So, to avoid this, I try to figure out what the real need of the recipient is. There will always be a power dynamic that obscures the real need. Why else do people come to me if they don’t recognize that I have access to resources and therefore more power? It would be naïve to think that in recognizing the power differential I can make it go away. As well, there will always be self-deception involved. Both me as the donor and them as the recipient don’t know our true and real needs. Still, it is possible to be in relationship with someone and in that relationship real needs emerge. We know ourselves in and through relationships of mutuality.
Is this ‘ask’ boring enough that no other donor would step in?
Real needs are boring. At the most basic level, people need shelter and food. In our world most people acquire shelter and food through working for pay. People get anxious when they don’t get paid for the work that they do. Even if there is a whiff of doubt about getting paid, people will turn to fear. This anxiety overwhelms everything which in turn impedes their productivity. Reduced productivity leads to less pay and the circle is vicious and biting and horrible at this point. The most fundamental need of the organizations and people asking me for money is to meet payroll at month’s end.
In case I’m not clear, here are three examples of just how boring real needs are. First, the CCAP Blantyre Synod, a church of over a million members, suspended all programming for the months of November and December. They did so because it was the most fiscally prudent thing they could do to meet payroll at Christmas time. Imagine if any church with over a million members in North America shut down its denominational office, ceased all activity including committee meetings, for the two months leading up to Christmas, so that it could meet payroll. Second, Zomba Theological College lecturers have not been paid on time in months, maybe years. They get paid. Eventually. Imagine doing your personal budget when you don’t know when you are going to get paid. End of month comes, rent comes due, and you don’t know when your next paycheque will arrive. Perhaps it won’t. Perhaps this will be the time that you don’t get paid. What do you do then? You have to have an escape plan so you over work yourself to make sure you have enough income streams that if one dries up you can survive on the others. Third, TEEM has had to reschedule and relocate its classes numerous times to cut costs in order to meet payroll. Students and lecturers are given notice but still, changing times and places because of budgetary restrictions creates instability. Instability leads to doubting the competency of the organization. Doubting the competency leads to lower enrolment which leads to budgetary crisis which …. You see the vicious circle.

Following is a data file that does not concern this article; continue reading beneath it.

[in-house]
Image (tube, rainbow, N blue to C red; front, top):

No charity in North America starts with the vision of helping other organizations meet payroll. Who would give to that? Nor should they (see the first criteria next week) but in assessing whether or not I give, I am aware of the fact that when the potential recipient expresses their real need, it sounds boring. I understand why charities go for the exciting. People like to give to exciting. Everyone loves contributing to a feel-good story. If someone comes to me with an exciting need, I assume that they will likely find funding elsewhere. Someone with the boring need won’t, so I give to that.
Next week the other criteria.